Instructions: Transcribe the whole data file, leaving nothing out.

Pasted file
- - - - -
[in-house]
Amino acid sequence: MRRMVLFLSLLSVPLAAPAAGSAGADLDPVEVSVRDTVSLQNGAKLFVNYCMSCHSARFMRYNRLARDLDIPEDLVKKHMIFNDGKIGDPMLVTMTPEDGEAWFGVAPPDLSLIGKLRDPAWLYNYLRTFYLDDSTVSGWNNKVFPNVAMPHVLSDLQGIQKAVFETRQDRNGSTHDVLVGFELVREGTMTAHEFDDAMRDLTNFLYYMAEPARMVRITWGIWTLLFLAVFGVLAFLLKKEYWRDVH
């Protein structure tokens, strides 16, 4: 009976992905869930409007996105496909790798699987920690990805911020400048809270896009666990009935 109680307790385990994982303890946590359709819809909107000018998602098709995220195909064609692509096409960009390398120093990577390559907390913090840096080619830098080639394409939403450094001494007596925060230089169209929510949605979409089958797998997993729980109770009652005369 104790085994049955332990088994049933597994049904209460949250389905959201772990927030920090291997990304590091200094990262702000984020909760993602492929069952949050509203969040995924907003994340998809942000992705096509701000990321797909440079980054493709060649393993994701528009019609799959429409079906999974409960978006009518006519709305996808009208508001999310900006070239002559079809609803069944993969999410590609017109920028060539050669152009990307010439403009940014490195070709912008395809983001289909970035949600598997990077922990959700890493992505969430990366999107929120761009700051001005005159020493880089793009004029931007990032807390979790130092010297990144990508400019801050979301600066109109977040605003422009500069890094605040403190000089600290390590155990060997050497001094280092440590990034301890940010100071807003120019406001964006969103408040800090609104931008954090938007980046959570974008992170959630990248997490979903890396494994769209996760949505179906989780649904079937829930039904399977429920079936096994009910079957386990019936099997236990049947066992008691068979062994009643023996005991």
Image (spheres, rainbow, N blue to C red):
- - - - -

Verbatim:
[in-house]
Amino acid sequence: MRRMVLFLSLLSVPLAAPAAGSAGADLDPVEVSVRDTVSLQNGAKLFVNYCMSCHSARFMRYNRLARDLDIPEDLVKKHMIFNDGKIGDPMLVTMTPEDGEAWFGVAPPDLSLIGKLRDPAWLYNYLRTFYLDDSTVSGWNNKVFPNVAMPHVLSDLQGIQKAVFETRQDRNGSTHDVLVGFELVREGTMTAHEFDDAMRDLTNFLYYMAEPARMVRITWGIWTLLFLAVFGVLAFLLKKEYWRDVH
């Protein structure tokens, strides 16, 4: 009976992905869930409007996105496909790798699987920690990805911020400048809270896009666990009935 109680307790385990994982303890946590359709819809909107000018998602098709995220195909064609692509096409960009390398120093990577390559907390913090840096080619830098080639394409939403450094001494007596925060230089169209929510949605979409089958797998997993729980109770009652005369 104790085994049955332990088994049933597994049904209460949250389905959201772990927030920090291997990304590091200094990262702000984020909760993602492929069952949050509203969040995924907003994340998809942000992705096509701000990321797909440079980054493709060649393993994701528009019609799959429409079906999974409960978006009518006519709305996808009208508001999310900006070239002559079809609803069944993969999410590609017109920028060539050669152009990307010439403009940014490195070709912008395809983001289909970035949600598997990077922990959700890493992505969430990366999107929120761009700051001005005159020493880089793009004029931007990032807390979790130092010297990144990508400019801050979301600066109109977040605003422009500069890094605040403190000089600290390590155990060997050497001094280092440590990034301890940010100071807003120019406001964006969103408040800090609104931008954090938007980046959570974008992170959630990248997490979903890396494994769209996760949505179906989780649904079937829930039904399977429920079936096994009910079957386990019936099997236990049947066992008691068979062994009643023996005991």
Image (spheres, rainbow, N blue to C red):